Linen Vs. Cotton: Revealing Key Differences of Precious Plant-Based Fibers

Analysis of The Distinct Properties, Benefits & Applications of The Two Beloved Materials

Linen vs. Cotton

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Throughout history, textile has played a significant role in human society. Various fibers coming from different sources have been used to make household items, apparel, equipment, or tools that would make human life easier and help them survive harsh climate or hostile environments.

Today, there is a wide selection of natural and man-made materials you can choose from, yet two plant-based fibers manage to maintain long-lasting value over the centuries – linen and cotton. Thanks to their versatile properties, they are popular supplies for various DIY projects, arts & crafts, and also for making t-shirts, bedding sheets, curtains, napkins, and much more.

But how do you decide which one to choose?

Whether you're a hobbyist, a fashion enthusiast, or simply interested in learning more about these textiles, you have come to the right place. In this article, we have compiled the essentials on their features, benefits, production processes, environmental impact, and applications. Get ready to discover all the differences between linen and cotton to help you decide which fiber is perfect for your needs.

Hemptique: Your #1 Supplier of Finest Quality Natural Fiber Merchandise

If you want 100% natural products made of the finest materials, such as linen, hemp, cotton, or bamboo, Hemptique is your go-to destination. We produce a broad spectrum of first-class merchandise for various buyers – hobbyists, crafters, businesses, wholesalers, distributors, schools, workshops, etc. Our line of products includes meticulously sourced multi-purpose linen cords and linen twine that adhere to the highest standards of quality and eco-friendliness. For all inquiries about our products, contact us by phone at (760) 602-4864, ext. 402 & 405. To become a wholesaler and take advantage of discounted pricing options, feel free to register for a wholesale account. Experience the difference Hemptique makes and explore all the benefits of linen fiber.

Linen & Cotton Through the Ages

Linen fiber is a precious natural resource and a vital backbone of the textile industry that has preserved its importance since prehistoric times and keeps playing a crucial role even today. The first evidence of flax plant utilization dates back to about 30,000 years ago, while linen fiber was first used in ancient Egypt, about 10,000 years ago. Throughout history, this fiber has been used for making garments, shoes, furnishings, baskets, ropes, and other equipment that helped our ancestors run their day-to-day tasks easier. Today, linen is considered one of the strongest natural fibers with outstanding properties. Because of this, it continues to be readily used in all aspects of our lives, even in the present day.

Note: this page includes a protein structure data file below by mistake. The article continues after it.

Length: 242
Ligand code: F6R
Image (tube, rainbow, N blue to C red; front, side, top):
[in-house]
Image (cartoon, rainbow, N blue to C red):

Cotton, also known as ‘white gold’, can be traced back to several thousand years ago. The first evidence of cotton cultivation was found in Peru, Mexico, Pakistan, Sudan, and the river Nile valley. Archaeological excavations indicate that ancient civilizations used cotton as a luxury product at first. Later, as it spread to other parts of the world and as its production processes improved, it was used for various purposes, from clothing to biofuel. Today, cotton is one of the most used natural fibers in the apparel industry because it’s comfortable, affordable, and versatile. 

What Is Linen?

Linen is a type of durable, natural thread derived from the cellulose fibers of the flax plant (Linum usitatissimum), which is amongst the oldest cultivated plants in human history. It is not to be confused with ‘linens’, which is a phrase typically used in the US to denote household textiles. Flax plant can be processed to form a thread, linen cord, or twine, which can then be used to make fabrics, clothing, draperies, and so forth. Different types of linen fabrics include damask, plain-woven linen, loosely-woven linen, sheeting linen, etc.

How linen is made

Linen production is considered highly complex and labor-intensive. When flax plants are of perfect ripeness, they are harvested and soaked in water (‘retting’) so that the fibers separate from the stalk. They are then crushed and extracted from the stalks and dried. After combing, straightening, and cleaning, the fibers are smoothed out and prepared for spinning. Finally, a thread is winded on a spool or into a ball. These are the exact threads that are woven to create linen fabrics we know today.

What Is Cotton?

Cotton fiber is made from cotton plant (of Gossypium genus), and it is one of the most popular materials used in textile manufacturing. Its fiber is staple and quite fine. In another words, short fibers are twisted together and spun into yarns. Their fineness allows for weaving into high thread count fabrics to achieve a soft and silky texture. Known for its multipurpose applications, cotton fiber is used to make anything from sturdy denim jeans to medical supplies. Although it is very popular in fashion industry, it is not the most durable fiber. It is susceptible to piling and undergoes a relatively fast wear and tear deterioration. There are many varieties on the market today: organic, Egyptian cotton, brushed cotton, poplin, Pima, muslin, and so on. Each type has its own benefits, but organic cotton distinguishes itself from other types by eco friendliness and reduced ecological impact.

How cotton fiber is made

Compared to linen, cultivation of cotton plant requires large amounts of water and pesticides, since it is very vulnerable to pests. Unless organically grown, cotton cultivation relies heavily on harmful chemicals and irrigation. After the cotton plant is ripe, the bolls that encase the fluffy fiber are harvested. Following the harvesting, the fibers are separated, cleaned, and aligned and spun into thread or twine, which is later woven (or knitted) into fabric.

An Overview of Major Properties

Linen and cotton fibers are similar because they are both natural, they both come from plants, and they both work well for various purposes. However, when we examine their essential attributes, like softness or strength, we notice apparent dissimilarities.

Let’s take a closer look at the differences between linen and cotton.

Comfort & softness

Compared to new linen, new cotton is noticeably softer. That being said, over time, with each wash and wear, rough flax fibers get significantly softer. Eventually, they will become comfortable and very soft. While cotton is gentle to touch right from beginning, it does not last as long as linen, as its fibers are more delicate and more prone to pilling. Therefore, if you want a long-lasting product that reduces waste, opt for linen or 100% pure organic cotton. 


When comparing the looks of these two fibers, you will notice that flax fiber looks crisp and stiff, but it is also more visually appealing due to its slightly rougher texture. Cotton is smooth, uniform, and more polished. Both materials have a laid-back appearance and are mainly used for casual wear or household applications.